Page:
Washington, DC, January 17: More than 142 million people across the US are under a wind chill alert on Monday, as frigid Arctic air hangs over much of the country. The National Weather Service (NWS) said the heartland of the US will likely experience record-breaking cold, warning people to stay indoors and travel with caution. The Arctic blast was expected to continue sweeping across the United States, bringing record-low temperatures and sub-zero temperatures to large parts of the country. The National Weather Service predicted that wind chills would reach minus 30 degrees Fahrenheit across the Northern Plains.

Almost 80 per cent of the US experiences subzero temperatures -- schools across the country are closed today as a result. In its advisory on Monday, the NWS warned of "brutally cold temperatures" that will persist until Wednesday. The cold is thanks to an Arctic air mass that has travelled southeast into the US from western Canada, where it set record-low temperatures. Wind chills taking the temperature to below minus 30 degrees Fahrenheit could extend into the South, reaching the Mississippi Valley. US Winter Storm: Arctic Freeze Continues To Blast Huge Swaths of the US With Sub-Zero Temperatures

The storms and frigid temperatures affected everything from air travel to NFL playoff games to Iowa's presidential caucuses. Unfortunately, the cold temperatures have turned deadly and have caused several deaths around the country. Almost 1,300 flights had been cancelled before 8:30 am ET today as airports across the country struggle with snow and icy conditions. There are more than 11,000 delays, according to the flight-tracking website FlightAware. More than 85,000 US homes and businesses were without power early Tuesday.

Tuesday marked two years to the day since at least 1 inch of snow last fell in Washington, DC, Metro area, a streak that finally came to an end. The snow may still be falling, but it's not keeping everyone indoors. For some kids like 5-year-old Brielle Weitzman, a snow day means sledding and snowmen. By Monday, school districts across the entire DC, Maryland and Virginia area sent out notices to families that schools would remain closed. The snow may still be falling, but it's not keeping everyone indoors, including The Weitzman.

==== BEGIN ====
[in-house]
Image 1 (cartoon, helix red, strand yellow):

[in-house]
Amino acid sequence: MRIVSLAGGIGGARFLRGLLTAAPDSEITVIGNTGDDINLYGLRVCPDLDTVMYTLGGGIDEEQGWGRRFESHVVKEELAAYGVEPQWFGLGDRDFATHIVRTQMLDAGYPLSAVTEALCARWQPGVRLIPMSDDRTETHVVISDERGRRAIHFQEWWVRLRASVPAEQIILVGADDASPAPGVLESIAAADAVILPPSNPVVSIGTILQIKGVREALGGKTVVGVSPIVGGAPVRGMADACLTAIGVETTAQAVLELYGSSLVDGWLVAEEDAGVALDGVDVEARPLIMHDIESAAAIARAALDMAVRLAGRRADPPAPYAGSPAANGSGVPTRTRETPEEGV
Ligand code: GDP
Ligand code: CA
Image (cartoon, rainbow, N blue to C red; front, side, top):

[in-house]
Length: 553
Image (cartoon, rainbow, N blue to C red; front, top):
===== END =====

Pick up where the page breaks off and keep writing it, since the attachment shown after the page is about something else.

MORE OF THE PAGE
"We just returned from Miami, and were pleasantly surprised to see snow all around. When we woke up this morning it was all magical, the kids wanted to step out and enjoy the snow day," Laurie Weitzman told ANI. The temperatures will continue to drop tonight heading into overnight so the concern is still slick sidewalks and roadways. Michelle Morrison, a resident of Maryland who has been bracing himself against the cold and doing his bit to keep the side walk outside his home clear of snow and ice. Winter Storm to Bring Snow, Winds, Ice and Life-threatening Chill to US, Forecasters Warn

"I'm thankful that I can stay at home and just work from home and study from the process of a full time student. I hope everybody's safe out there today," Michelle Morrison told ANI. In New York City, there was 1.4 inches on the ground in Central Park this morning, ending a snowless streak that goes back to February 2022, according to the weather service. More snow is expected today, making travel conditions hazardous.

Moderate temperatures are expected midweek, but a new surge of colder air is forecast to drop south over the Northern Plains and midwest, reaching the deep south by the end of the week.

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